Monday, December 3, 2012

Does Getting a Nuclear Weapon Change much for a Country?

Apropos of the alarmism about Iran getting a bomb, Stephen Walt asks what happened when other countries went nuclear:
Did British and French acquisition of nuclear weapons slow their decline as great powers? Not in the slightest. . . .

Did China's detonation of a bomb in 1964 suddenly make them a superpower? Hardly. China remained a minor actor on the world stage until it adopted market principles, and its rising global influence is due to three decades of economic growth, not a pile of nukes. . . .

The white government in South Africa eventually produced a handful of bombs, but nobody noticed and apartheid ended anyway.

What about India and Pakistan? India's "peaceful nuclear explosion" in 1974 didn't turn it into a global superpower, and its only real effect was to spur Pakistan -- which was already an avowed rival -- to get one too. And it's worth noting that there hasn't been a large-scale war between the two countries since, despite considerable grievances on both sides and occasional skirmishes and other provocations.
There is no reason to suppose that Iran's situation would change very much if it acquired the bomb, either, and therefore no reason to agonize about it. Let alone go to war.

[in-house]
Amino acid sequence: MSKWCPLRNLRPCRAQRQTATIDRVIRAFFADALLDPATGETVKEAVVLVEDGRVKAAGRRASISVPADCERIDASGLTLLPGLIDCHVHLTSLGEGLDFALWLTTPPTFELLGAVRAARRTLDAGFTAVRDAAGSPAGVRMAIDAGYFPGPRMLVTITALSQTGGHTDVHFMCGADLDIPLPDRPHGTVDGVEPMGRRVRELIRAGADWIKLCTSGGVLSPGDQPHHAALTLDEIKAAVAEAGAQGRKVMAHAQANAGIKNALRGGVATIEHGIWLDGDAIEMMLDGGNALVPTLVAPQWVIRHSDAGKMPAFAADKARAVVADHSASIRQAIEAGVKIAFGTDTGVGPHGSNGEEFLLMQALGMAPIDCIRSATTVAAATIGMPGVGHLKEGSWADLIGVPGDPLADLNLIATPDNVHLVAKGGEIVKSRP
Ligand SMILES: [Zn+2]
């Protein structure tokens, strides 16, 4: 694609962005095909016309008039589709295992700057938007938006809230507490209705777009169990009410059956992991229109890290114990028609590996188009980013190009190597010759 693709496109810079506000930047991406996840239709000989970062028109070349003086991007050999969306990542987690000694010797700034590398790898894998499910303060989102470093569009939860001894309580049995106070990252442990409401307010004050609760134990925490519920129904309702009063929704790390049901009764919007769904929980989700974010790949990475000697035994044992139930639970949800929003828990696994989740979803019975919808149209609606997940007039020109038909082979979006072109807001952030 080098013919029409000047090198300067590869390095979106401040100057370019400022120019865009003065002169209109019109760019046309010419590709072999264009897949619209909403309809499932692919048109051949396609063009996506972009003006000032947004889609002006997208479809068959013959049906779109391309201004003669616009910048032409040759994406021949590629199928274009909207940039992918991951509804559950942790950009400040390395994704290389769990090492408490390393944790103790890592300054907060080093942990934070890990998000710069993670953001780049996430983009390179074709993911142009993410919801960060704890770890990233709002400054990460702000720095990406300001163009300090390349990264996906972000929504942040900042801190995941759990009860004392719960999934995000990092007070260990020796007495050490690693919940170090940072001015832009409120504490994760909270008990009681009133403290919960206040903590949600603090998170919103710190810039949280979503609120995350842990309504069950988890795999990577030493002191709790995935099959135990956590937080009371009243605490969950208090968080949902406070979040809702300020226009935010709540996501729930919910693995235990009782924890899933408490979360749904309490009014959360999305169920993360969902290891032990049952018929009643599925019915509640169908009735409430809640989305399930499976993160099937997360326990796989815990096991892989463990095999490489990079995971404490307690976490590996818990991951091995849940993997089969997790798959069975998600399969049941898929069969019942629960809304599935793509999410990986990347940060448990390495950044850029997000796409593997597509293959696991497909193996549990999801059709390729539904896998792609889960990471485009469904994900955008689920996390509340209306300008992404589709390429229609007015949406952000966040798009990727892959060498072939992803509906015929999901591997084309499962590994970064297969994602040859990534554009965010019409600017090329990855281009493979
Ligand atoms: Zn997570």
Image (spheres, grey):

1 comment:

leif said...

ok, i'm going to go waaaay out on a limb here and suggest that countries with a history of extremism and very little to lose on the world stage, are clearly unfit for having what is our current 'ultimate' weapon. now, i question whether *any* country should have any atomic, hydrogen or nuclear weaponry, but there's more than a little truth to admonitions to steer clear of 'loose cannons'.

this is not to say that self-protection is unmerited; rather, that a country whose government is so unstable, simply cannot be relied on to, well, do nothing with that weapon.

further, highly unstable regimes can't account for all of those weapons. recall how old soviet nukes went missing from the ukraine; those don't magically land in the arsenal of stable countries like, oh, finland.

if every unstable, radical regime had nukes... imagine how long we all would last. would any sane person argue for providing nuclear arms to the most-failed states: somalia, congo, sudan, chad, zimbabwe, afghanistan, haiti, yemen, iraq, central african republic? there are more, and i could go on.

again, i think no one really needs nuclear arms; but it's truly ridiculous to allow them to fall under control of unstable countries with extremist or fundamentalist agendas. (and this could be the US some day; i have no delusions that we could fail that test and thus be unfit for wielding that power.)